The warring contradictions in his poems of ideology and the human condition are painful to witness and make him a great poet. Orwell had the same struggle, but he generally chose truth, despite the consequences, and when he did not, he made transparent, the messy process of living within contradictions he could never resolve. His essay about shooting the elephant, is one of the greatest pieces of writing ever penned, his murder of a beautiful animal, changed the trajectory of his life. As he says, people become the mask they are forced to wear. Then the complete works of Sherlock Holmes, as there is nothing quite like traveling back to foggy gas lit Victorian London and looking at those Sydney Paget illustrations. Conan Doyle just wanted to kill off Holmes as he was so bored with him, but was forced to resurrect him by public demand. He was so bored with Holmes and Watson that he forgot his own narratives, to the glee of his millions of devotees who alight upon his mistakes like locusts. I just read last night a short story by Graham Greene, called “The Destructors,” written in the 1950’s. It perfectly aligns with and illuminates the Trump/Bannon mentality. An old man gives a gang of boys some sweets as a kindness, which places him on their radar for destruction.
Second stack consists of books that require serious commitment. They cannot be skimmed, they cannot be speed read. In that stack are the works of Adam Hochschild. He is a historian and journalist, I must have a pencil and paper on hand, to take notes. His level of research, is stunning, yet the books are elegant and readable, very human and compassionate, not didactic. His book on WW1 To End All Wars, is a marvel, he manages to include the rise of the Suffragettes and the Labour Party, as an organic whole, then King Leopold’s Ghost, reveal the staggering amount of research he did, and still he doesn’t bog down the reader, but keeps us hooked with the device of key characters. I just finished his Stalin book [Unquiet Ghost], to help me understand the present rise of thuggish strong men to power. Its one of his earlier works, so is more accessible for a faster read. It consists of interviews with Gulag survivors and the author’s travels to the locations of the work camps, which are not on any maps. I will start his book on the Spanish Civil War next, Spain in Our Hearts. In that stack is Scott Anderson’s Lawrence In Arabia. It’s waiting to be read, and will require the same commitment to understand the colonized western mind mapping of the middle east. As an artist I can look at any art, see how its done and learn from the technique, absorb it, but the skill of Hochschild as writer is so formidable it cannot be replicated, only admired.
Third Stack consists of books, which originate from reading reviews in LRB, anything my friends deem of interest, we discuss and then mull over which one of us, is actually going to buy the book. I just ordered the history of Ravensbruck Womens’ concentration camp, by Sarah Helm [Ravensbruck: Life and Death in Hitler’s Concentration Camp for Women]. My interest doesn’t include Rushdie, which is one of my friend’s favorite authors, and she just can’t understand why I cannot appreciate his work. Have tried, but no. We all just read [The Pigeon Tunnel] the autobiography, which is a splendid read, its surprisingly up to date, no sentiment, no nostalgia, a real insight into the psychology of government spy games. His is a self deprecating and witty voice, a very lean writer. Unread so far, is a book I wouldn’t pick up, but as it came from a friend, I know I will like, [Blasphemy: New and Selected Stories] by Sherman Alexie.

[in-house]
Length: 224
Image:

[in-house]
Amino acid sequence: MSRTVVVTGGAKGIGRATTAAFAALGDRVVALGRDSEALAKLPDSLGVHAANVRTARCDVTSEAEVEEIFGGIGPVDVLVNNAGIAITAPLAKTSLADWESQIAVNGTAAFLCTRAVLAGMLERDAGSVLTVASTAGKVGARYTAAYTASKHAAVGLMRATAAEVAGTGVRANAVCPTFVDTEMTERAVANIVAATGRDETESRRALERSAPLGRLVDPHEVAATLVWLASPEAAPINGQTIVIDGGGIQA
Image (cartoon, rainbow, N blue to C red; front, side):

Fourth Stack is research. As I make books myself, am obligated to read everything I can get my hands on about a subject and devour it. This is work reading. I read everything, memorize most of it, don’t discuss it, and then put it away, under a mental shroud, and create my own version. It’s not what I read and remember, it’s what is left that I don’t know which am curious about, which will drive the next book. Writing is torture. When a new book of mine comes out, I look at it for a day, and then hide it, as it’s the memory of so much labor. It’s not something I want to remember, see again, let alone talk about, which makes publicizing the darn book difficult. Books exist as their own persons. They will either find people who cherish them or not. Can’t remember how many books I have done. They are all art books, non fiction with text and images. The latest book, which came out last month, surprised me. It’s called The Animals’ Vegan Manifesto.
- Cover of The Animals’ Vegan Manifesto, courtesy of Sue Coe
I wanted to do a version of Orwell’s Animal Farm, but in my version, the farmed animals achieve victory, and it turned out to be an adorable little creature, a pocket book.
- Plate from The Animals’ Vegan Manifesto, Courtesy of Sue Coe
Its all images, woodcuts, with no words.
- Plate from The Animals’ Vegan Manifesto, Courtesy of Sue Coe
It doesn’t seem like anything I could ever have invented, as the second half is full of joy. It’s in my pocket and by my bed, in book stack number one, I keep looking at it, the novelty of new book has not worn off.